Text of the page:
It’s no secret that Mudgee region is the new ‘must-visit’ destination for weekenders, especially after receiving the position as number one ‘Foodie Destination in Australia’ according to bookings.com.
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But it’s also no secret that the region struggles under the pressure of popular weekends.
Accommodation is usually booked out months in advance for weekend events including the recent Small Farm Field Days and the upcoming A Day On The Green.
Booking website stayz.com.au is pushing short-term rental accommodation – claiming the economic benefits for a region such as Mudgee is huge.
In NSW, short-term rental accommodation provided an economic lift of nearly $2.128 billion to the NSW economy and supported 13,983 jobs in the State.
In Central NSW, short-term rental accommodation generated over $24.9 million in economic uplift and supported up to 169 jobs in the region. In 2016, 33,035 room nights were booked in short-term rental accommodation across Central NSW, generating $5.9 million in revenue for hosts.
Stayz Corporate Affairs Director, Jordan Condo said: “Short-term rentals have been an Australian holiday tradition for many years and rental platforms such as Stayz have helped facilitate and expand this pastime to the benefit of towns and cities across Australia.
“This report confirms that short-term rental accommodation is a key driver of tourism, job-creation and economic activity across Central NSW.
“Towns and cities like Mudgee, Bathurst, Dubbo, and Orange are all benefiting from the growing popularity of short-term rental accommodation.
“Tourism has always been a key part of the Central NSW’s economy, and short-term rental accommodation is increasingly part of the area’s tourism success story – provided regulation does not limit the availability of this accommodation option.
“Regional jobs, regional income and regional economic growth will suffer if regulations limit the availability of short-term rentals in NSW,” Mr Condo concluded.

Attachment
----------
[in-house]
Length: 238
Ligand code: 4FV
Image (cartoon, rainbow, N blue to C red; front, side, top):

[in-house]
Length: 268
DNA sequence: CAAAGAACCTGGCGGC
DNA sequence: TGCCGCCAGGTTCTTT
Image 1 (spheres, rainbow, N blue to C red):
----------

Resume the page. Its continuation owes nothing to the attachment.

Janet Walk from Camphill Cottage in Rylstone has jumped on the short-stays bandwagon, as a way of increasing income during hard-times on the farm.
“In drought, there is still something sustaining the community,” she said.
“Farm-stays can help sustain the economy through the ravages of droughts, bushfires and market fluctuations in stock.
But Mrs Walk said the personal economic benefits are just the start.
“Because people are doing up accommodation, the whole town looks beautiful, you drive past these houses, and they look immaculate.
“It’s not just about commercial, it’s about that confidence in the area, it’s about the love of the area.
“When I came 20 years ago the town was dead on Sunday; it’s alive now.
“People aren’t just coming for a hotel experience.”
Camphill Cottage guest Ryan Lieper agrees short-term stays are about the experience. His young family chose the location for the experience.
“It’s great to get the kids out into the fresh air and the countryside.
“Because we live in the city, it’s great for the girls to experience what it’s like to live in the country and it’s more homely. You can buy local produce, buy local wines and just enjoy the experience.
The Rylstone stay was the second short-term rental for the Lieper family, last year they chose Orange.
“It’s better than a hotel, you’ve got the freedom and flexibility to do what you want and experience different things, as well as the flexibility to decide if you want to dine out or stay in,” he said.
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